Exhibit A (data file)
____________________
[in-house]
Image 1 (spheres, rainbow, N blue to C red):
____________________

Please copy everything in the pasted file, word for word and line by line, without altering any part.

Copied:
[in-house]
Image 1 (spheres, rainbow, N blue to C red):